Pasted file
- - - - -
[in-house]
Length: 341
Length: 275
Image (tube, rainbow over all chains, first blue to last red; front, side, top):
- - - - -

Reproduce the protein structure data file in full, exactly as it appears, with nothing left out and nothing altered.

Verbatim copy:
[in-house]
Length: 341
Length: 275
Image (tube, rainbow over all chains, first blue to last red; front, side, top):